As you well know, the tornado season has begun, leaving behind deaths, wounded and scattered buildings. The F3, F4 and F5 tornadoes are more prevalent in the eastern half of the United States, but milder twisters can also form alongside the western part of the US.

Although highly dangerous forces of nature, the tornadoes can be averted. You already know this: prepping is the key to staying alive. Let’s see exactly how you can protect your family and yourself.

First, there are signs that can you tip you off, such as:

  • You hear roaring sounds, similar to the ones of a freight train;
  • The sky turns dark or displays shades of green;
  • The clouds form a funnel shape (this is the most important sign of them all, and you should not hesitate in taking cover right away);
  • The wind suddenly stops blowing. 

Seek shelter

The first step entails seeking shelter. Moreover, do not stay inside a mobile home, even if you believe it to be safe due to its tie-down system and do not remain out in the open for the thrill of filming a tornado, but hide in the basement, if you can. The tornadoes can lift off for up to 70 tons (according to the US National Weather Service) or even more, therefore, think about how light weighted you are in comparison with an 80 ton truck. You will be carried away like a feather, if you stay in close proximity of a tornado.

If, however, you are out in the open, avoid the areas with tress and by all means cover your head with whatever you can find, even your hands, as debris might be floating around and then hit you in the head when you least expect it. In addition, lie flat on the ground or hide yourself in a ditch or a cave, if you can find one.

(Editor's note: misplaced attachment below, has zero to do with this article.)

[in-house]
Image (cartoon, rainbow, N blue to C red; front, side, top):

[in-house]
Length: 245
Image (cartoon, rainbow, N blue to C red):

In case you are inside your home when tornadoes strike, it is advised to remain in the hallway or in the bathroom, provided it does not have any windows. What you need to understand is that the more walls there are between you and the outside, the more chances of survival you have.

If you find yourself in tall buildings, avoid using the elevators (power will come off at some point) and stay as far as you can from the window area.

Store medical supplies, water and food

st_20_3Most tornadoes last for up to 10 minutes, but you never know if there will be just one or a series of damaging tornadoes. Even if there is just one tornado turning everything to dust, you do not know when help will arrive. In addition, stores, supermarkets and drugstores may be destroyed and then what? Relying on yourself is the best decision you can make. Therefore, store at least 10 bottles of water per person and plenty of food that does not require cooking and refrigeration:

  • canned soup, meat and fruits (make sure you also have a tin opener nearby),
  • biscuits and other snacks,
  • nuts, etc.

You can also be one step ahead of the tornadoes, by downloading specials apps on your phone (such as The Red Cross Tornado App), which will give you info on the type of tornado and when it is expected to strike the area you live in.

Tornadoes can also interrupt the power, by interfering with the electric transmission lines. Thus, relying on your phone 100% is not a smart move, especially if you run out of battery. Therefore, having a radio on you will help you stay up to date with the latest news in your area and get advised on whether or not you should remain indoors. Authorities will communicate among themselves using different radio frequencies and will issue warning signals in case of danger. Other things you should consider including in your survival bag are: a flashlight, extra batteries for your flashlight and radio and a few blankets to keep you warm and also use as a protective shield.

Do you have any experience with tornado situations? Share it in the comments section below.

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